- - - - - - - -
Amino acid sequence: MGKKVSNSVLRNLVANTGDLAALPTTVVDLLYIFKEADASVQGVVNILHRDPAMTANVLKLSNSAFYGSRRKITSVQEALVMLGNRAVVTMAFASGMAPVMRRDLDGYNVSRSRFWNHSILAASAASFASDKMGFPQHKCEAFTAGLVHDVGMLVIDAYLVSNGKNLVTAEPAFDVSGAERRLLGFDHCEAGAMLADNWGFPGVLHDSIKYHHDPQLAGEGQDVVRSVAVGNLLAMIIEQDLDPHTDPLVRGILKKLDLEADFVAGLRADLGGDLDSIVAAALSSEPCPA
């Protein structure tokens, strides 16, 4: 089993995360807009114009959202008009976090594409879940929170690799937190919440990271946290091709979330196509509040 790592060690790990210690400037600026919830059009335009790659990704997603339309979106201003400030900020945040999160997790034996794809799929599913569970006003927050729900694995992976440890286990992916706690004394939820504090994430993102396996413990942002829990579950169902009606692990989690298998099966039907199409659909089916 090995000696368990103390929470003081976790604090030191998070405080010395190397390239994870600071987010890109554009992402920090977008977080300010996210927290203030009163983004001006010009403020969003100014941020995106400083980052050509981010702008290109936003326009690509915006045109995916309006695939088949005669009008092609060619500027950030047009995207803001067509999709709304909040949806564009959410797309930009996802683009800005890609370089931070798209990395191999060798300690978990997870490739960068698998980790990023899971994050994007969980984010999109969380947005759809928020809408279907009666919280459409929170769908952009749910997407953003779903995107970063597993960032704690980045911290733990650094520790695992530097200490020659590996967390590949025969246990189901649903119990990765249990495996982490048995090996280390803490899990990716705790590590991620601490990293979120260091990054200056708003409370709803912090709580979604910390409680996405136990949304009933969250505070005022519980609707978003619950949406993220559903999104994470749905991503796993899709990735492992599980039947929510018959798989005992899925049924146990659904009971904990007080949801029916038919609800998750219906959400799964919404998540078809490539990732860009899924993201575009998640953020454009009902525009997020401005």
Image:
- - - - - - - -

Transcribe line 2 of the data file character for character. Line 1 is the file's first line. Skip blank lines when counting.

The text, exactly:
């Protein structure tokens, strides 16, 4: 089993995360807009114009959202008009976090594409879940929170690799937190919440990271946290091709979330196509509040 790592060690790990210690400037600026919830059009335009790659990704997603339309979106201003400030900020945040999160997790034996794809799929599913569970006003927050729900694995992976440890286990992916706690004394939820504090994430993102396996413990942002829990579950169902009606692990989690298998099966039907199409659909089916 090995000696368990103390929470003081976790604090030191998070405080010395190397390239994870600071987010890109554009992402920090977008977080300010996210927290203030009163983004001006010009403020969003100014941020995106400083980052050509981010702008290109936003326009690509915006045109995916309006695939088949005669009008092609060619500027950030047009995207803001067509999709709304909040949806564009959410797309930009996802683009800005890609370089931070798209990395191999060798300690978990997870490739960068698998980790990023899971994050994007969980984010999109969380947005759809928020809408279907009666919280459409929170769908952009749910997407953003779903995107970063597993960032704690980045911290733990650094520790695992530097200490020659590996967390590949025969246990189901649903119990990765249990495996982490048995090996280390803490899990990716705790590590991620601490990293979120260091990054200056708003409370709803912090709580979604910390409680996405136990949304009933969250505070005022519980609707978003619950949406993220559903999104994470749905991503796993899709990735492992599980039947929510018959798989005992899925049924146990659904009971904990007080949801029916038919609800998750219906959400799964919404998540078809490539990732860009899924993201575009998640953020454009009902525009997020401005």